Is America ready for a big economic crash in China?

In this Friday July 31, 2009 photo, an investor stands in front of the stock price monitor at a private securities company in Shanghai, China. Beijing is trying to tighten credit controls without derailing the economic revival or causing a market crash _ a risky path at a time when Chinese leaders say a recovery is not firmly established. (AP Photo/Eugene Hoshiko)

Used to be that you could get rich relatively easily in America, by having a business you were starting that threw around the right Internet buzzwords. Get funding, IPO, get out and count your money. That bubble burst obviously, but this period of “irrational exuberance” ended up causing a great deal of pain to people who rushed in to cash in, despite the famous warning by Alan Greenspan.

It’s even worse in China now, and the Communists are getting increasingly heavy handed in their attempts to prevent people from profiting from it.


In this Friday July 31, 2009 photo, an investor stands in front of the stock price monitor at a private securities company in Shanghai, China. (AP Photo/Eugene Hoshiko)
In this Friday July 31, 2009 photo, an investor stands in front of the stock price monitor at a private securities company in Shanghai, China. (AP Photo/Eugene Hoshiko)

Let’s be clear: there is a massive bubble in China. We’ve known this. They build entire cities (with international monetary assistance) due to promises of economic growth. The fundamental growth never comes, and the city stands empty. This process has repeated across China.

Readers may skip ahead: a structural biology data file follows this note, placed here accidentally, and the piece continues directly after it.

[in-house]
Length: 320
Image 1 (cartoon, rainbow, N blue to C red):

The Chinese could do a few things about this bubble. They could remove government regulations that distort the economy. They could liberalize and abandon planned economy, in favor of free markets and free people. But they refuse. Instead, they’re imposing even more capital controls in the hopes that they can contain this craziness. Read this from Caixin Online:

It’s not uncommon for a retail investor in China to dabble in numerology, even subconsciously, while playing the stock market.

But after share prices surged for Shanghai-listed companies with the number “360” in their ticker symbol-like market codes, regulators found a new reason for alarm over backdoor listings that don’t add up.

Numerological speculation results in firms rushing to list on Chinese markets to cash in. It’s like the Internet boom, only without an Internet at the base. It’s superstition all the way down.

When this crashes, we could be in great position to take advantage on the global marketplace. But to do that properly, we need to avoid the same mistakes. We need to avoid overregulation, subsidies, and capital controls that are making things worse in China.

Sadly in the Obama-Trump-Clinton era, there’s nobody speaking up for freedom, so I don’t know if we can win from this.